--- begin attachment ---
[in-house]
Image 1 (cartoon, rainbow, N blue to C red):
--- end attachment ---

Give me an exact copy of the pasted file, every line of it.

[in-house]
Image 1 (cartoon, rainbow, N blue to C red):